National Pet Diabetes Month

Diabetes mellitus is a disorder characterized by the inadequate secretion or utilization of insulin, resulting in a blood glucose that is too high. Diabetes in cats and dogs has some similarities to diabetes in people however, treatment options for pets are not always the same. The most common signs of diabetes include increased thirst and urination, weight loss and increased appetite.

Type I diabetes results from the total or near-total destruction of insulin-producing cells in the pancreas resulting in an insulin deficiency. This is the most common form of diabetes in dogs.

Type Il diabetes results when some insulin-producing cells remain but not enough insulin is produced, there is a delayed response in the secretion of insulin, or the tissues of the body are relatively insulin resistant. Obesity predisposes a patient to this type of diabetes and this is the most common form of diabetes in cats but can also occur in older obese dogs.

Treatment for diabetes in both cats and dogs is possible but takes a great deal of commitment and dedication. Weight loss is an important step at managing the disease, especially in type Il diabetic patients, and insulin is the mainstay treatment for both types of diabetes. Unfortunately, pets do not respond well to oral medications used by people for their treatment of diabetes.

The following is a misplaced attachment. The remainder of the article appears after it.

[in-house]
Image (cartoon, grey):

Follow-up care is paramount to the success of treating diabetes and establishing the best dose of insulin needed for your pet. Following diagnosis, frequent visits for glucose testing at specified times are needed until insulin dosing is established. After this, routine but less frequent testing is necessary to adjust for any changes that occur as time goes on and changes in environment and response to treatment change.

From reviewing patient history and clinical signs at home, to the physical exam and diabetes testing and formulating a treatment plan, Dr. Doyle at Rainier West Veterinary Hospital is able to help every step of the way. She will discuss the best treatment options and follow-up care needed to regulate your pet’s disease. In some cases of diabetes in cats, the patient can even go into remission.

If your pet is experiencing signs of increased thirst, urination, weight loss and increased appetite, please give us a call to schedule an appointment.